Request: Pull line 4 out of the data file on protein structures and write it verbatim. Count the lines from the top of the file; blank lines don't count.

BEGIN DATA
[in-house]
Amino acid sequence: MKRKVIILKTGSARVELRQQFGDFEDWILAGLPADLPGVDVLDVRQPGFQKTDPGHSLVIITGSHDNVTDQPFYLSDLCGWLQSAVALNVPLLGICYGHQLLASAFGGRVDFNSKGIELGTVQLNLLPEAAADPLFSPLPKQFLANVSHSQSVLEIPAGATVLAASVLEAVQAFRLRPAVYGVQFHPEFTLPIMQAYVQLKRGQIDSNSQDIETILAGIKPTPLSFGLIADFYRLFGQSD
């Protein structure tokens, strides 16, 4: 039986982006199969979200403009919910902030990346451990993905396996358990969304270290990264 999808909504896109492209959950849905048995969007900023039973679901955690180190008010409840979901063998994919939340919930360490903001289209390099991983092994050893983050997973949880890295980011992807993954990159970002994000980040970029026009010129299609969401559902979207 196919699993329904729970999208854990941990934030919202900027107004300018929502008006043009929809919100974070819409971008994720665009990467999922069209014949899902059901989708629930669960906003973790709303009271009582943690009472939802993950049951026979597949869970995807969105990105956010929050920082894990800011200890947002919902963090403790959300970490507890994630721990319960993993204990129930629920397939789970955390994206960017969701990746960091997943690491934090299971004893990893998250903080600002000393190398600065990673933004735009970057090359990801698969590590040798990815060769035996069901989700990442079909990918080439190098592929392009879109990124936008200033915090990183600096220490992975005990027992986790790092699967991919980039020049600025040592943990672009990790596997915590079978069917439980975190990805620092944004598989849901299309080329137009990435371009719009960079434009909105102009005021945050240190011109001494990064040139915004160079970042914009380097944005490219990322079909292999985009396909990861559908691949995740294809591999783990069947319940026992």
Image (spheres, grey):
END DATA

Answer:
Image (spheres, grey):